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Conservation body votes to regulate shark trade

Demand for shark fins, such as these displayed in a Bangkok restaurant, has reduced the species.

Associated Press

Demand for shark fins, such as these displayed in a Bangkok restaurant, has reduced the species.

BANGKOK — Conservationists at a global wildlife conference on Monday voted to regulate the trade of shark species that have been threatened because their fins are used to make expensive delicacies in Asia.

Delegates at the triennial meeting in Bangkok of the Convention on International Trade in Endangered Species of Wild Fauna adopted the proposals to put the oceanic whitetip, hammerhead, and porbeagle sharks on a list of species whose trade is closely controlled.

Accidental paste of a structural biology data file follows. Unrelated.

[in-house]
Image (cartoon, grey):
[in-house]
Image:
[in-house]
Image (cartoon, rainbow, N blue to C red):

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More than two dozen species of shark are officially endangered, and more than 100 others considered either vulnerable or near threatened. Like manta rays, sharks are seen as valuable to nations with dive tourism industries, with island territories such as the Bahamas, Fiji, and the Maldives deriving major benefits.

Eleven nations, including Brazil, the United States, and Egypt, proposed regulating trade in the species. Japan and China were among the proposals’ opponents.

Sonja Fordham, the founder of US-based Shark Advocates International, said in a statement she was pleased with the votes. ‘‘These highly traded, threatened shark species urgently need protection from the unsustainable trade that jeopardizes populations, ecosystems, livelihoods, and ecotourism.’’

Threats against oceanic whitetip and hammerhead sharks are driven by demand for their fins, while porbeagle sharks are targeted primarily for their meat in Europe.

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